Why is it that the mayhem always occurs on the weekend?
I was hoping for a relatively calm weekend...
spent in the garden, happily weeding my vegetable boxes.
I must admit,
I did get the weeding done.
Thanks to Hubbs.
Hubbs took care of afternoon chores each day
so that I could concentrate on the gardening.
Unfortunately, though, while I was peacefully gardening...
Hubbs was brutally attacked and beaten
Hank, the aggressive, menacing, flogging rooster.
Now, if you have been following the saga of Hank,
you will remember that several weeks ago I was ready to
turn Hank into stew.
Hubbs wanted to try to rehabilitate Hank.
(Enter the super-soaker...negative reinforcement for bad behavior)
Hubbs was convinced we could turn Hank
into a farm-friendly rooster.
Hubbs held onto that notion.
Until Friday afternoon.
I was peacefully gardening.
Hubbs was gathering eggs.
Before he knew what hit him,
he was bleeding profusely.
Hank had run in from the field....
into the chicken pen....
into the chicken house....
and flogged Hubbs...
Not thinking, but reacting out of instinct,
Hubbs gave Hank a swift kick and sent
Off, into the field ran Hank...
out of sight.
That night, Hank did not return to the barn,
as was his custom.
Hubbs was overwrought with guilt and remorse,
fearing that his kick had broken a rib, punctured a lung,
and sent Hank into the woods to die a slow and painful death.
The next morning, however......
Hank came happily out of the henhouse
(he never sleeps there....always alone in the barn)
and sang his usual cock-a-doodle-doo.
I laughed, hysterically...
and called Hubbs....to ease his pain.
"Hank lives," I said.
Not for long, we agreed.
With a summer full of farm tours,
(several groups of children)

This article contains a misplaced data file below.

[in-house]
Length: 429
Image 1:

we cannot have an attack rooster on the premises.
Unfortunately, Hank's reputation preceded him...
making him un-adoptable.
We had only one choice.....
an honorable death for Hank.
Hank was a warrior who lived by the sword.
It was only fitting that he should die by the sword, too.
(in the form of a painless lethal injection of barbiturate)
Good bye, Hank.
We will miss you...
PS....There is a principle that we try to live by, here on the farm. It is best described with the Sanskrit word...Ahimsa... the principle of refraining from harming any living thing. We tried our best with Hank.
Many advised us to cook him. Somehow, we just couldn't bring ourselves to do that. It seemed that euthanasia was the kindest solution. Although we are glad to be rid of this menace, we do feel some remorse.
Heather in PA
I won't tell my hubby about this post, as I am begging him for chickens and losing the battle.
I'm convinced they can't be tamed once they get aggressive.
Good riddance-but still hard to carry out!!
No medical field people here so we have to use the ....um hatchet or gun. Injection sounds much better to me!!!
I was so immensely happy to rid of him! Now there are ten hens who are healthy and producing lots of eggs.
I say good riddance to Hank!
does that mean I am warped! lol!